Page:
The extinct Mesozoic birds are placed at the base of the tree with Archaeopteryx lithographica occupying the most basal position. Within these the Enantiornithes (“opposite birds”) form a distinct monophyletic clade. The Enantiornithes represent a separate radiation to the Ornithurae (the direct ancestors of modern birds) that subsequently became extinct at the Cretaceous-Tertiary boundary57,58,59,60. The earliest divergences of birds are amongst the least controversial61 and here the supertree supports the split of the crown group modern birds (Neornithes) into Palaeognathae + Neognathae with a further spilt of Neognathae into the Galloanserae landfowl/waterfowl clade + all other modern birds (Neoaves)62,63 as opposed to Sibley and Ahlquist’s9 non-monophyletic Neognathae in which the Galloanserae are sister group to the Palaeognathae.


The extinct Tertiary palaeognaths Lithornis and Palaeotis are basal to the extant palaeognath taxa. The supertree supports the hypothesis of Tinamidae + all other palaeognaths64. The extinct Madagascan elephant bird Aepyornis appears within the Struthioniformes at the base of the Struthionidae + Rheidae while the Dinornithidae of New Zealand appear at the base of the Struthioniformes clade. The New Zealand ratites, Apterygidae and Dinornithidae, do not form a monophyletic group. This has been suggested by Houde14 and Cooper et al.65 to have implications for vicariance biogeography providing evidence for a second colonisation of New Zealand by kiwis.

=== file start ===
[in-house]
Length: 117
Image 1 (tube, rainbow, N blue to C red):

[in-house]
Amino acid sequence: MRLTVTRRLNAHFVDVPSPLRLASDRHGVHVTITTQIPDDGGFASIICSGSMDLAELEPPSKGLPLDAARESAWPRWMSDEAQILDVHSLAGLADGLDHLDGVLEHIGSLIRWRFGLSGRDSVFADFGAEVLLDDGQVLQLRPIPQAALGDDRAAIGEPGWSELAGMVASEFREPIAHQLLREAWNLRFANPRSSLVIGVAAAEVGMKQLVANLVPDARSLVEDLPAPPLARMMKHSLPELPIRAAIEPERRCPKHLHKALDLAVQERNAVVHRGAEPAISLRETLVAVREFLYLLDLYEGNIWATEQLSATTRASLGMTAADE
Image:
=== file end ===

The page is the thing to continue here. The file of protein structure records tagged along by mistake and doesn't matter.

The Galliformes + Anseriformes clade is well-supported by molecular works66. Within the Galliformes, the supertree supports the more recent view of Megapodidae as sister to the Cracidae + remaining Galliformes, which all constitute monophyletic families rather than the more traditional placement of a Megapodidae + Cracidae clade as sister to the rest of the Galliformes9. The Anseriformes are split into the three well-defined traditional, monophyletic families: Anhimidae, Anseranatidae and Anatidae.

“Waterbird” assemblage